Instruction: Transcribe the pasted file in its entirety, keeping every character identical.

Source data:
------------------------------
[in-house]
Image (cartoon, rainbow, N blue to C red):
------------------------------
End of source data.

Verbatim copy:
[in-house]
Image (cartoon, rainbow, N blue to C red):